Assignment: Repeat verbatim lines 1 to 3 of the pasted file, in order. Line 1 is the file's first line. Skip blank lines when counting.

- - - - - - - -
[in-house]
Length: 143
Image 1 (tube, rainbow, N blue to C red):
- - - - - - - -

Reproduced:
[in-house]
Length: 143
Image 1 (tube, rainbow, N blue to C red):